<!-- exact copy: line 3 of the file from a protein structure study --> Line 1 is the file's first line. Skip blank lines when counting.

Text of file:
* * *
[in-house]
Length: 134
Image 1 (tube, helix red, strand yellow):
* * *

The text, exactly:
Image 1 (tube, helix red, strand yellow):